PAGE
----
Back in 1965, the Beatles played Shea Stadium. And to compete with the noise generated by 55,000 screaming youth, they pumped their music through a series of Electro-Voice LR4 column speakers. But to no avail. As Ringo put it, “From the count-in on the first number, the volume of screams drowned everything else.”
It didn’t take long for rock bands to play catch up. By the 1970s, the Grateful Dead had invented the “Wall of Sound,” then the largest concert sound system ever built. Designed by Owsley “Bear” Stanley, the Dead’s sound system brought together 604 speakers, generating 26,400 watts of power in total. Expensive and unwieldy, the Wall of Sound was short-lived, soon giving way to more logistically-feasible and cost-effective touring rigs.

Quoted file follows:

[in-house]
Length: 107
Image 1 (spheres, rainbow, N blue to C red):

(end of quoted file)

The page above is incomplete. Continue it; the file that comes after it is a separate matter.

From there, the quest for the perfect sound system–especially ones suitable to sustain large, outdoor concerts–continued. Bringing us to today. Above, sound engineer Dave Rat breaks down exactly how modern sound systems work, “and why modern music festivals sound so much better than they used to.” Mr. Rat has provided audio for the Coachella music festival since 2001. Ergo he knows of what he speaks.
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